1990 Toyota Land Cruiser 80
Available for: $21,995
Stock Number: 4733
Long known for their for its capabilities off the beaten path Toyota's long lineage of 4x4 Land Cruisers spans over seven decades. The Land Cruiser represents all of the best attributes of the modern, legitimate, SUV. The 80 series brought a long list of fresh upgrades to the table like new sheet metal, an unstoppable 4.2L turbo diesel, and a more spacious and luxurious interior. SUVs these days have become more about status and luxury than actual off-road prowess which is a real shame. Your options for something that can tackle the dirt just as well as a trip to Costo in comfort have been severely limited over the past decade or so. Our latest offering is an ideal example of why these are still so popular today. Finished in a fantastic Dark Bluish Gray Metallic (183) gives it a fantastic curb appeal. It's a very understated color that you just don't see too often out on the roads these days. The paint looks great for its age and has been generally spared from any notable issues. The only real blemish is a mark on the front bumper, luckily most of which would be covered up by a front plate. With anything of this age, it's naturally going to have some stone chips and light scratches in the clear, but nothing of real concern. The paint on the grille, for example, has some flaking probably from sun damage over the years. The bodywork is just as clean with merely your typical door ding or two to report. A nice little perk, this one even comes with a hitch already installed to save you some time down the road having to add one. While the ride height is stock, a new set of 31" All Terrains give this truck a more proper off-road look. While most of us probably won't be spending a ton of time off-road, it's at least good to know that you can if you find yourself in a bind.
The cabin of the 80 is massive, even by today's standards. The interior had plenty of options and power accessories back in '90, and surprisingly, still looks current. The dash is in good shape, which can be an issue with something of this size, lacking any major imperfections or sun damage. While we're used to seeing two-tone seats inside these, this one has a different spin on things. A black and cream diamond-stitched set of seat covers protect the original Alcantara seats. While a bit out of the ordinary, they do offer a bit more luxury to the interior while also offering a good deal more protection to the actual seat surfaces themselves. The seats feel great underneath, the bolstering all feels solid and not like they broke down on the years from hopping in and out. Based on the condition of the carpeting, headliner, and door panels it seems safe to assume that they're in just as clean condition aesthetically. We weren't kidding when we said that this one was chocked full of options. Heated front seats, power sunroof, power folding mirrors, CoolBox center console, and even cruise control were all standard. Another standard feature on these was the automatic climate control system for those days where you don't want to cruise around with the windows down. The giant factory window visors are a nice touch when you're simply looking for a little extra ventilation but not all the wind or rain. The head unit has been replaced with a particularly nice Panasonic unit, but even still there are some limitations with the system here stateside. Once you climb aboard and get yourself settled in you'll immediately realize that this is going to quickly become your new road trip rig.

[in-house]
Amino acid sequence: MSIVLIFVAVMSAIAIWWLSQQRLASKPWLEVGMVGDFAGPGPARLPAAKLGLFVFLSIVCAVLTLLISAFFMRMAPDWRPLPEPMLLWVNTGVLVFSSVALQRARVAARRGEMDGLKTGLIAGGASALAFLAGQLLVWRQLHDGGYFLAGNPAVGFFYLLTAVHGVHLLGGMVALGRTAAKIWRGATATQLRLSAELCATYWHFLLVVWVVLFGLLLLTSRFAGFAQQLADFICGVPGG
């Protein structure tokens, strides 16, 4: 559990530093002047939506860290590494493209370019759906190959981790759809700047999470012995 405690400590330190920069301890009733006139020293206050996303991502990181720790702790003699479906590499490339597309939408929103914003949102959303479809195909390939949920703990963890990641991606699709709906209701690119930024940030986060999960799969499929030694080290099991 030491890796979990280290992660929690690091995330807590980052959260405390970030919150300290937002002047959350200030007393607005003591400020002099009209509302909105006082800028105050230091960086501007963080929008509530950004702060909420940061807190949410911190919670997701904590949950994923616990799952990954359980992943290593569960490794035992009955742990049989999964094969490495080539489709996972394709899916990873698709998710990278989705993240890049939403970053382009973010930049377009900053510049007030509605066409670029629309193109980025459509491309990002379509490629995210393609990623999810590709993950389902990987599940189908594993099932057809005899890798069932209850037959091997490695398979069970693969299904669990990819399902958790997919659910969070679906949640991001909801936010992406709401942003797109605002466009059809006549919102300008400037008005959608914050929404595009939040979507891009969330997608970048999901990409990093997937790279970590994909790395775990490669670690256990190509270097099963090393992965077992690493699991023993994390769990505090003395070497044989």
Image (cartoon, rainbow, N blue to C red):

Underneath the massive hood is Toyota's tried and true 1HD-T 4.2 straight-six. These torquey beasts are known for being bulletproof and have surprisingly little vibration; being refined as it is reliable is key. Engine startup is robust, and the 4.2L mill clatters to life thanks to its dual battery setup. Being a diesel the 123K verified miles that it has is merely the tip of the iceberg. From the bottom of the powerband, a noticeable difference in acceleration can be felt from its gasoline-powered counterpart. The automatic transmission shifts well, albeit with little urgency. The lumbering giant has no issues getting up to highway speeds. This one is a K295 truck which means it's fitted with the front and rear LSD to aid the four-wheel drive system. On-road, the suspension and steering systems feel like any other truck-based SUV, and the platform has no issues with terrible potholes and crappy road surfaces that plague most cities. The brakes are more than capable of reeling you down from highway speeds which are reassuring. A new air filter should help the diesel breathe a bit easier and help return a little extra fuel mileage. We also replaced the sway bar end links and retightened the hubs for good measure. Overall this HDJ81 is the full package when it comes to a JDM SUV. The gold standard of SUVs, these Land Cruisers provide unbeatable value. Touting its ease of ownership, tons of features, and no shortage of offroad potential, this car is just as at home in the Costco parking lot as it is fording a river.
*California Residents: In order to register a Grey Market vehicle in the state of California then it will have to be made CARB complaint first. CARB certifications will have to be performed within the state. Depending on the vehicle and any existing modifications will affect the pricing. Typically CARB compliance will range between 5-10K. Additional information can be found on the California Air Resources Board website.